Reading of the week: The Barber’s Tale of Himself from The Thousand and One Nights – Within the overall frame story of Shahrazad telling tales to keep the king from killing her, there are several stories within other stories. The barber of Bagdad appears in, and then narrates sub-stories to, the story of the hunchback. This is the part where he introduces himself and sets up his brother’s tales.

Questions for the week: Is it possible to be aware of one’s own lack of self-awareness? Or is that a paradox? In what field or characteristic have you badly misjudged your own capacity?

What was I thinking?

“What was I thinking?”

That rhetorical question is often used to express dismay at a lack of foresight e.g. “A while back, I passed on a chance to buy a Bitcoin at $400; what was I thinking?” Sometimes it goes to absentmindedness e.g. “I peeled a banana and accidentally threw away the banana and went to take a bite of the peel; what was I thinking?” But in both of these cases, the question is purely rhetorical because it is pretty easy to determine the thought process involved. In the Bitcoin example, the person presumably thought about the risks and advantages of buying a Bitcoin and determined that the potential upside was not worth the $400 risk. In the banana example, the person was clearly thinking about something totally unrelated to the task at hand, and mere distraction caused the errant movements.

There are times, however, when the question “what was I thinking?” is more than rhetorical, times when one honestly does not understand his own motivations. Every once in a while, we each do something that we are later unable to explain. It is occasionally impossible to determine what thought process or motivations led to the decisions made.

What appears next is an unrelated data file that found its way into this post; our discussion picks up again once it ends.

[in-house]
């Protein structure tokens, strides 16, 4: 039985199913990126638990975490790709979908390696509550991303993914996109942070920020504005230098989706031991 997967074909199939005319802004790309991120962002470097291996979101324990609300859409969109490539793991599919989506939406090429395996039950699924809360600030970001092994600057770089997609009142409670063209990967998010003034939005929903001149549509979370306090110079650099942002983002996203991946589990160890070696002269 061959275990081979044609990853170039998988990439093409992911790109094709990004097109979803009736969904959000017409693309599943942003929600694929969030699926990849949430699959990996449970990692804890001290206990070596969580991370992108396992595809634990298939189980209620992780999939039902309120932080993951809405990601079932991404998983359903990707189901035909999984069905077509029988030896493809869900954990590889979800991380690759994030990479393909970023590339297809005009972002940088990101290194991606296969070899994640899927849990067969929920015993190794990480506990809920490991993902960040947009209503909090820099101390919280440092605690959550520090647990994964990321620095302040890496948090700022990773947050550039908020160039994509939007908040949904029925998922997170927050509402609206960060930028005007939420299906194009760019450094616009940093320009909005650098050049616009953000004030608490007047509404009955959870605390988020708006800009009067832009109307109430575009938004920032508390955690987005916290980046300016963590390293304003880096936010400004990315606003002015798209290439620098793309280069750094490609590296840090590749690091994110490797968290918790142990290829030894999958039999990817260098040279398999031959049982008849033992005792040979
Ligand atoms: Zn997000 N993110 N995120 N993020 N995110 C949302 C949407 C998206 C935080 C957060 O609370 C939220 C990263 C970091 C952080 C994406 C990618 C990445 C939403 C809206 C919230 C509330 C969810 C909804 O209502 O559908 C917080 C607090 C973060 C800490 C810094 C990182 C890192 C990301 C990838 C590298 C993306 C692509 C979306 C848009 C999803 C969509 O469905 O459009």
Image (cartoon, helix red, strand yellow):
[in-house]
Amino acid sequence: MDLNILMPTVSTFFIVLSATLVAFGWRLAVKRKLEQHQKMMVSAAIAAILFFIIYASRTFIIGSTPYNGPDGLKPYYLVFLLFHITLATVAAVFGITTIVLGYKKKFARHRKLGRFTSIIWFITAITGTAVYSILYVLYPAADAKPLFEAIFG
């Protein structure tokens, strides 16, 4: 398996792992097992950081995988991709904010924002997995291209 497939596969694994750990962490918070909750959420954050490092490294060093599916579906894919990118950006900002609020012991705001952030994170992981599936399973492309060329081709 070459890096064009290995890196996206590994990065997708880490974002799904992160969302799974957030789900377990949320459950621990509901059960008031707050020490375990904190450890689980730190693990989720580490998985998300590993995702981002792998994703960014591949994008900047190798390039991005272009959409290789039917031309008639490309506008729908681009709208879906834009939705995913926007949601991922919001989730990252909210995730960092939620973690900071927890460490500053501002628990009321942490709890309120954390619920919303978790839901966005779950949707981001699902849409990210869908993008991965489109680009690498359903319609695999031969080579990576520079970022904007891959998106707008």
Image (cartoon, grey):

There appear to be multiple potential causes for such internal confusion. For one thing, not understanding one’s own motivation may be a simple failure to carefully self-evaluate. For another, there may be pre-rational motivations that get overlooked in the search for a rational explanation, such as instinct or something like it. But most likely, it seems, is the likelihood that the decision in question is the product of a great many thoughts and motivations, possibly even at odds with each other. The complicated interplay between our various desires, instincts, goals, etc. may simply be so convoluted that we are unable to untangle (or even recognize) them all.

In The Underdogs by Mariano Azuela, the motivations of the belligerents during the Mexican Revolution are explored.  A rebel leader called Demetrio tells about the time that he got drunk and spit in the face of a local political boss, Señor Monico. As a result, Monico brought “the whole God-damned Federal Government” down on Demetrio, who narrowly escaped into the hills. Demetrio asserts that all he wants is “to be let alone so [he] can go home.”

His interlocutor, however, sees more in Demetrio’s motivations than Demetrio sees himself: